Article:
Author Topic:   How Tread Marks' Entity Architecture works
LDA Seumas
posted September 03, 1999 05:55 AM           
I just sent this off to the Software-Engineering-Game-Design mailing list, but thought it would be worth re-posting here as well, for those who are interested. Feel free to comment or ask questions, as I've left out some important details.

In my system, I have the Actors ("Entities", which are basically everything in the game) the Masters of All, with fairly light weight RenderObject objects contained within each Entity object which are added to a queue in a PolyRender mega-object and told to virtually draw themselves (which is where OpenGL is called, etc.) once all Entity thinking is done.

My Entities are very Data Driven. I split things into "Entity Classes" and "Entity Types". Entity Classes are the actual C++ classes with code to make a specific type of Entity do what it does. Classes include things like "RaceTank", "Smoke", "Explosion", "Weapon", "Projectile", "Sound", "God" (handles global housekeeping), etc. Each Class has a large number of modifiable parameters, not the least of which are their Mesh/Image/Sound files, plus other things such as speed, behavior flags, life span, etc. None of these parameters are hard-coded, and are all loaded from textual configuration files. Each config file defines an Entity Type, which specifies an Entity Class name, the name of this Entity Type within the class, and a list of parameter key/value pairs that make this type special.

In the code, this is handled with two C++ classes per Entity Class, an e.g. EntityRacetankType class, which inherits from EntityTypeBase (or a child of it), and an e.g. EntityRacetank class, which inherits from EntityBase. When an object of EntityRacetankType is instantiated, it has handle to a config file passed in which it reads its special parameters from. To create an object of class EntityRacetank (to actually put a Racing Tank in the game), you ask one of the previously instantiated EntityRacetankType objects to manufacture an EntityRacetank object. That EntityRacetank object is associated with the parameters and resource files of its Type through a back-pointer to the EntityRacetankType object that manufactured it. Thus, Entity objects hold no resources themselves, and merely hold what is essentially a VirtualResourceAndParameterStructurePointer; the EntityTypeBase derived objects actually load the image/sound/mesh resources.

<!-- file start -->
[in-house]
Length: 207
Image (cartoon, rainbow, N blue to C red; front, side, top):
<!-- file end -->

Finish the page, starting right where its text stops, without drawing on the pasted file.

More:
To make things even more abstract, each compilation unit that defines new Entity classes has a special factory function to manufacture an EntityTypeBase derived object based on a passed in Config File. That function reads the Class Name and Type Name from the config file, and if the Class Name matches a Class it (the compilation unit) provides C++ code for, it instantiates said object using said config file and passes a pointer back. If it doesn't handle the Class in the config file, it returns zero. Now, at the start of the app, another function in each Entity compilation is called to Register that compilation unit's (or DLL, if/when I break it all into DLLs) Creation function, which calls a global Entity API function to add its Creation function to a global list of Entity Type Creation Function Pointers. Now, when the game enumerates all the Entity config files on disk, it calls the global Entity API Create Type Object with each config file. That function in turn calls all the registered Creation functions until it gets an object back. If they all fail, that means the Entity Class specified in the config file does not exist as C++ code in the program.

After the above, the app has a nice linked list of EntityTypeBase derived objects which each specify parameters and resource files/handles for a unique EntityClass/EntityType pair. To create a specific EntityBase derived object to add a new entity to the game, the EntityTypeBase object list is walked until a Class/Type match is found, and that object is then told to create an EntityBase derived object of its specific Class/Type combo. A new Entity enters the game world, with the game world itself required to know practically nothing about what the entity is or what it does.

-- Seumas McNally, Lead Programmer, Longbow Digital Arts